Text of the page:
Dutch researchers looked at which patients would be diagnosed with COPD if a fixed cut-off definition of airway obstruction was used, as is recommended by NICE and other COPD guidelines, compared with a definition adjusted for age and sex.
Using spirometry data from 330 GPs in the Netherlands, they found that the fixed definition led to misdiagnosis in around a quarter of patients, with the proportion of patients being misdiagnosed increasing with age, from 15.5 per cent for those 41-50 years old, to 42.7 per cent for those aged over 81.
Overdiagnosis of airway obstruction may have adverse effects on patients who are incorrectly diagnosed and treated for COPD, the researchers point out.
Current NICE guidelines define COPD by the presence of airflow obstruction, as demonstrated by a lung function score under 70 per cent of expected for either FEV1 or forced vital capacity (FVC).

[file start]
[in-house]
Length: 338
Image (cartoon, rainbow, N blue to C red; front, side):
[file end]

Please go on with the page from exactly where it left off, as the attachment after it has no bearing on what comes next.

The researchers compared the diagnosis rate using this fixed score with a definition based on whether patients' FEV1 or FVC was below the lower limit of normal for their age or sex.
Dr Dermot Ryan, a GP in Leicestershire stressed that a diagnosis of COPD is really a matter of clinical judgment.
'An FEV1 of 70 per cent of expected is where we start to think about a diagnosis of COPD, but that still doesn't allow for individual variation,' he said.
'If a patient is asymptomatic, it doesn't matter what their FEV1 is. Someone with an FEV1 below 70 per cent of expected may have always had an FEV1 at that level.'
He added: 'Spirometry is relatively crude, but it is cheap, accessible and reliable, and we really don't need anything more sophisticated.'
- Eur Respir J 2008; 32: 945-52.